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The laboratory workforce is shrinking


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The laboratory workforce is shrinking.

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Lack of trained laboratory personnel makes automation critical

The laboratory workforce is shrinking, making it more difficult to fill open positions. Factors affecting this workforce decline include:

  • A large percentage of employees nearing retirement age
  • Shrinking number of graduates from laboratory educational programs
  • Fewer people are entering the laboratory workforce

This lack of expertise will make automation a critical component of lab management in the future.

More jobs with fewer people to fill them

The U.S. Bureau of Labor Statistics predicts that between 2018 and 2028, positions in clinical laboratory science, forensic science, agricultural and food science, and environmental science will grow much faster than average.2 Academic institutions are not graduating enough students to meet this demand. While there were 18,000 clinical laboratory science vacancies in 2018, only 5,000 students graduated from accredited CLS programs.1

Aging workforce

A study by Blau and Weinberg showed that in 2017 the average age of PhD scientists was 48.6 years, compared to 45.3 years in 1993.3 The percentage of scientific workers aged 55+ was also much larger than the general employed population.3

More analysis needs to be done

While the number of lab staff is falling, the number of tests to be performed is increasing dramatically due to new technologies, our growing and aging population, and increasingly proactive healthcare and disease-state management. To manage this increase in testing, laboratories need to refocus to increase their efficiency. This creates a huge challenge for laboratories already pressured to find ways to do more with less. Automation closes this gap enabling labs to deliver high quality results even with increasing testing needs and fewer people.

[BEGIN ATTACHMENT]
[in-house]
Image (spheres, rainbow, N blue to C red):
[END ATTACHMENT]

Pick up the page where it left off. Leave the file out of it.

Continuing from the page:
Doing more with less

These challenges drive laboratories to automate and miniaturize their workflows so their employees can work smarter, not harder. Manual laboratory procedures can be error-prone, arduous, and highly repetitive. Graduates don’t spend four to eight years studying science because they want to register and sort thousands of tubes or troubleshoot results. Automation of repetitive manual tasks allows laboratory professionals to focus their expertise on the analytical portion of their work instead of mundane tasks. By reducing hands-on time, automation increases operational efficiency, allowing valued, trained employees to spend more on value-added tasks. Additionally, laboratory automation can help improve the work-life balance of stressed, overworked employees, which in turn increases employee retention and offsets the shrinking workforce.

Manual testing is susceptible to person-to-person and laboratory-to-laboratory variation. Automation increases consistency, efficiency, and reliability thus improving key performance indicators due to process standardization.

Global regulatory agencies are putting an increased focus on data traceability. While this can be a daunting, time-consuming task when performed manually, laboratory automation solutions deliver robust traceable solutions to ensure data accuracy with a minimal amount of user intervention.

  1. National Accrediting Agency for Clinical Laboratory Science. (2011). Central Texas Phlebotomy Institute. Retrieved from
  2. Bureau of Labor Statistics, U.S. Department of Labor. (2020). Retrieved from
  3. Blau, D. M., & Weinberg, B. A. (2017). Why the US science and engineering workforce is aging rapidly. Proceedings of the National Academy of Sciences, 114(15), 3879–3884. doi: 10.1073/pnas.1611748114

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